The Fallkniven A1 is a beast of a knife with a blade length of 6.3” (16 cm), a blade thickness of 0.24” (6mm) and a weight of slightly over 11 oz (305 grams). My Wicked Edge was soon to know…
The blade of the A1 is made of laminated VG10 with a hardness of 59 HRC. The entire blade has a convex grind; so it is not just the edge that is convex.
I had used the A1 for splitting wood and had batoned with it. (Yes, I know an axe is much better for that purpose :-) .) The blade had kept up beautifully: just a slight dulling of the edge and one little microchip that was barely visible with the naked eye.
I knew not a lot of sharpening would be required to restore the edge, but first I had to find out the angle of the blade at the edge of the edge.
My goniometer, which normally helps me to identify blade angles quite easily, seemed not very helpful on this beast of a convex knife.
The goniometer shows two patches of light centering at about 9 degrees (left) and 16 degrees (right) and two smaller patches of light centering at about 22 degrees and 31 degrees. I asked people for help, but nobody was able to give a definitive answer.
It is clear from the picture that the knife is not perpendicular to the goniometer slot. If it were, and the knife were completely symmetrical, the patches of light would likely be at about (9+16)/2 = 12.5 degrees and (22+31)/2 = 26.5 degrees.
So I assumed the edge of the edge had an angle of about 26.5 degrees per side, partly because I couldn’t image an angle of 12.5 degrees per side on such a knife, and partly because I had seen patches of light at low angles also on other knives in the goniometer, which were caused by the fact that towards the spine most blade approach a 0 degree angle.
I emailed Fallkniven to ask them what the angle of the blade was at the edge of the edge. The first reply I got from them was “you cannot do a convex edge on a guided sharpening system”. I then explained in more detail what I wanted to do and they responded again with “don’t do this, you will ruin the edge.” This got funny, but after I had explained them what I intended to do for the third time, they understood me and replied that “they would be lying if they said the edge were 20 or 21 degrees”, because each of their knives was hand sharpened.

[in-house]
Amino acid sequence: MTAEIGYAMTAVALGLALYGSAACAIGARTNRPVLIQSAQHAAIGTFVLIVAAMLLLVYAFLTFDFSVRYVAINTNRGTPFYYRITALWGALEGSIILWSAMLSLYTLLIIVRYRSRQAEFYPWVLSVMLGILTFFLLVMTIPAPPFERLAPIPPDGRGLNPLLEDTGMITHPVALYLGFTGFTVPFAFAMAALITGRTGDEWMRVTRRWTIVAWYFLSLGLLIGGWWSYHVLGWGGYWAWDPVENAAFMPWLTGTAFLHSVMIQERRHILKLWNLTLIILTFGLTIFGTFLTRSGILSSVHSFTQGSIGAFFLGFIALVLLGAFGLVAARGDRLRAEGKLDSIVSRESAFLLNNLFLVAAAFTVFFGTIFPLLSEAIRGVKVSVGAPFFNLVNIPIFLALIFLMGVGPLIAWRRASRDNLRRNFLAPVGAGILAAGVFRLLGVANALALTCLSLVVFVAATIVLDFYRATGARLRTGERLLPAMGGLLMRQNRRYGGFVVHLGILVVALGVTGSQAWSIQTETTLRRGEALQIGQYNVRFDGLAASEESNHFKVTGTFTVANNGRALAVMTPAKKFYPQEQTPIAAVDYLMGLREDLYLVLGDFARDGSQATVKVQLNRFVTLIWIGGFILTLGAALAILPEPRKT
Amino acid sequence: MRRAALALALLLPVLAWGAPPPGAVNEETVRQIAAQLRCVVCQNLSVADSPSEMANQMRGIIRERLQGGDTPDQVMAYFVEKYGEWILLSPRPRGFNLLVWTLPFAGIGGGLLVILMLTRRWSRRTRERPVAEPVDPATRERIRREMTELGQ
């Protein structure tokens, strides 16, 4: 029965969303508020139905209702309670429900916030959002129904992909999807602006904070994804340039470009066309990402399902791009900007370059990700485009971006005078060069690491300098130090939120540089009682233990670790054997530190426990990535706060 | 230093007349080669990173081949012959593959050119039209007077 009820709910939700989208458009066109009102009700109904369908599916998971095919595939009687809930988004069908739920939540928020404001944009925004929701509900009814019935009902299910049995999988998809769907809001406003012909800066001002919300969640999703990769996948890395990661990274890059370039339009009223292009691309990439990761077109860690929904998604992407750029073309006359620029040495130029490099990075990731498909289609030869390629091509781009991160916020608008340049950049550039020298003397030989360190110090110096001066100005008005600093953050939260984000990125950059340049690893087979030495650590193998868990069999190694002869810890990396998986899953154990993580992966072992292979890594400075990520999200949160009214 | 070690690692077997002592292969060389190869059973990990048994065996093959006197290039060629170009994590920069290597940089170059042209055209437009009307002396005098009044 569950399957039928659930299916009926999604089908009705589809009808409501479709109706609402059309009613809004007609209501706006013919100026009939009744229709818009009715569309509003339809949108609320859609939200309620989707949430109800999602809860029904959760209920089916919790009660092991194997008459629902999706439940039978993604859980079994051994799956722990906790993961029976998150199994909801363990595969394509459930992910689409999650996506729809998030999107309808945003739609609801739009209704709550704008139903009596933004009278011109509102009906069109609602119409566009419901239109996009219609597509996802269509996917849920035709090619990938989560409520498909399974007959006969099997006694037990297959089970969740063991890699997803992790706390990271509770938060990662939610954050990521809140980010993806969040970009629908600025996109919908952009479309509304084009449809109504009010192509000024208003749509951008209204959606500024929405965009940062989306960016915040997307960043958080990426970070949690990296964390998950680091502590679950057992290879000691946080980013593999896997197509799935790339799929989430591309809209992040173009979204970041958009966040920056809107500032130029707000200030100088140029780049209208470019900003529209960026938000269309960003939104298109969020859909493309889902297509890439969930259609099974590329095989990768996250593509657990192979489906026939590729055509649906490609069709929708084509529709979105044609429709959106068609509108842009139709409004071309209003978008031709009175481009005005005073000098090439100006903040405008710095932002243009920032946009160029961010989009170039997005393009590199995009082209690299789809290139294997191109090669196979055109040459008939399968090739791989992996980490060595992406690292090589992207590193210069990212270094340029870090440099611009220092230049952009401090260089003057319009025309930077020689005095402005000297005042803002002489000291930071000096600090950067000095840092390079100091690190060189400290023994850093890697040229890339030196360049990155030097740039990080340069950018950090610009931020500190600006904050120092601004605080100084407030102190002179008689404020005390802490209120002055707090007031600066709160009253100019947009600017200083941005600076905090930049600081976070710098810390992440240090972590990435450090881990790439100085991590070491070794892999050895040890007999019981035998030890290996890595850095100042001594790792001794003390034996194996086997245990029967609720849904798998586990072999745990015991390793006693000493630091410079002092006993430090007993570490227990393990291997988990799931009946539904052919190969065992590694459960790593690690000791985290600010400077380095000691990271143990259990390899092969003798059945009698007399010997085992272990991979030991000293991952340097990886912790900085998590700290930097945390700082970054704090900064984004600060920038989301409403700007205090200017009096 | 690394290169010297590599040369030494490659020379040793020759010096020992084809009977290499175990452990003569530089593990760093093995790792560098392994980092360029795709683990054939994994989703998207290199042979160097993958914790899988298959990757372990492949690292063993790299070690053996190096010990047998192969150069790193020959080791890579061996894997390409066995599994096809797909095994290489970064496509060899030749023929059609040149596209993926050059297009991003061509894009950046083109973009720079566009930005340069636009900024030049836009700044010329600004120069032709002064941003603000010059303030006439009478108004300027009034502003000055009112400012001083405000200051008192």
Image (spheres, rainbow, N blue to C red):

So the Sharpie trick would have to give the definitive answer. I just needed to clamp the knife in the Wicked Edge vise.
That took me four attempts. Every time, once I had clamped the blade, it dropped out after some time. The handle came down simply due to the weight of the blade. I tightened the screws even further and finally I manage to clamp the knife securely.
I then discovered that the left clamp of the vise had moved almost a centimeter…
But the knife was clamped securely and finally I could measure the angle of the edge of the edge of the A1 using a Sharpie! Starting at 27 degrees, I went down to 26, 25, 24, 23… I was still hitting the edge of the edge. 22, 21, 20, 19… Even less than what Fallkniven did not want to lie about. Finally, in the neighbourhood of 13 degrees, I did not hit the edge anymore. The edge of the edge had an angle of 13.5 degrees! So the goniometer, even though not very precise, was right after all.
So I wanted to start sharpening the knife at 13.5 degrees. This presented some additional challenges. If I tried to sharpen the knife at this acute angle, the stones hit the vise. Luckily, I managed to squeeze out 14.5 degrees, so I decided to settle on that.
Now another challenge appeared. I wanted to set the sharpening rod at the left at 14.5 degrees as well. However…
I had forgotten the left clamp of the vise had moved out so much. I could forget sharpening at any angle below 17 degrees on the left side of the blade!
I then decided to do the blade side by side: first the right side of the blade, then clamp the knife the other way around in order to do the other side.
The edge needed just a little touch-up, so I decided to use the 1000 grit stones. These worked very quickly. In hindsight I had better started with the 1200 or 1600 grit stones, or go to the strops immediately.
I followed by a lot of stropping (at least a hundred stropping strokes per side) with 5 micron paste and then 3.5 micron paste on leather strops. I used quite a bit of pressure.
I took out the knife from the vise and reclamped it to sharpen the other side. This time I decided to go to the strops right away. I did even more stropping than on the other side, since I didn’t use the stones on this side.
I unclamped the knife and the result was a blade that could shave arm hair.
Finally me and my friends, the WEPS and the A1, went outside to enjoy the view. Yes, we were in Switzerland.